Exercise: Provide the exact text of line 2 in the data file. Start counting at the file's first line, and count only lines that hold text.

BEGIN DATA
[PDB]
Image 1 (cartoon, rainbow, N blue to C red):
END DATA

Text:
Image 1 (cartoon, rainbow, N blue to C red):